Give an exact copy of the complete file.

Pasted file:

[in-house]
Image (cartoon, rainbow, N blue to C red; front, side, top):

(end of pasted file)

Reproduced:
[in-house]
Image (cartoon, rainbow, N blue to C red; front, side, top):